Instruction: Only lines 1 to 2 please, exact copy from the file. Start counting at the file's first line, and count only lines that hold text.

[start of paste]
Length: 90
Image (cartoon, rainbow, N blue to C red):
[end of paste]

Length: 90
Image (cartoon, rainbow, N blue to C red):